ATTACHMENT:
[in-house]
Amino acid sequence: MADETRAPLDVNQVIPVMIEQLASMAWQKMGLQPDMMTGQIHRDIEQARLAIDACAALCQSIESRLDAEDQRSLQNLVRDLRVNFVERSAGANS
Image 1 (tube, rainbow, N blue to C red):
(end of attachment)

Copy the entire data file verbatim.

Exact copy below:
[in-house]
Amino acid sequence: MADETRAPLDVNQVIPVMIEQLASMAWQKMGLQPDMMTGQIHRDIEQARLAIDACAALCQSIESRLDAEDQRSLQNLVRDLRVNFVERSAGANS
Image 1 (tube, rainbow, N blue to C red):